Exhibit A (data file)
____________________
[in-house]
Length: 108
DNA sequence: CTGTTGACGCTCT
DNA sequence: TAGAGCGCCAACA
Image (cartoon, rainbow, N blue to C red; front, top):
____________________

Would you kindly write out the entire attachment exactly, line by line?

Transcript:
[in-house]
Length: 108
DNA sequence: CTGTTGACGCTCT
DNA sequence: TAGAGCGCCAACA
Image (cartoon, rainbow, N blue to C red; front, top):